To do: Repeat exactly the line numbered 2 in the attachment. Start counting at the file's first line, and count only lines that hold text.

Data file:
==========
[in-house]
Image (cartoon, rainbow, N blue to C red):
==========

Image (cartoon, rainbow, N blue to C red):